Propagation by seed:

Seeds can either be purchased or gathered from seed pods in the autumn. Gathered seeds should be dried and stored in a paper envelope until February-April, when they can be sowed. Sprinkle the seeds on top of your growing medium, which could be compost, seedling soil, or a sphagnum moss mixture. Make sure the seeds aren’t covered with the growing medium. Keep the seeds humid and water from the bottom to avoid washing the seeds away. Cover the container with a piece of clear glass or a clear plastic bag to hold in humidity. The seeds should take 4-8 weeks to germinate, at which point you should remove the glass or plastic.

As the plants grow, size up their pots to accommodate their root systems. It may take 2-3 years of growth in pots for them to be planted in the ground. Avoid planting them out when the sun is very intense, or be prepared to shade them for protection against scorching. Young seedlings are sensitive to overwatering, so be careful not to water them too much in damp periods.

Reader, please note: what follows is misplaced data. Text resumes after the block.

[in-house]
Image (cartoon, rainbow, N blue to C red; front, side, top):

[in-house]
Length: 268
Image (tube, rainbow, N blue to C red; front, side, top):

Propagation by cuttings:

Not all rhododendrons/azaleas can be propagated by cuttings, but when it does work it is a very effective method.

  1. In early autumn, with a sterilised cutting tool, take a cutting from growth that has hardened off. It should be 2-4 inches long. Cut any large leaves in half to reduce the leaf area of the cutting.
  2. Create a wound roughly an inch on each side of the cutting, and cut the bottom tip off of the cutting just before dipping it in a rooting hormone.
  3. Place the cutting in a mixture of sphagnum moss and perlite. Bottom water the container and place it in a polyethylene bag in bright, indirect sunlight.
  4. Rotate the container weekly to evenly distribute light.

Once the cutting starts to root, continue to upsize the container to accommodate the root system.

Common Rhododendron/Azalea Issues: Pests and Diseases

Rhododendron leafhopper (Graphocephala fennahi):

These are sap sucking bugs that feed on rhododendrons. They are active from late spring-autumn, and are associated with (potentially causing) a fungal infection called bud blast.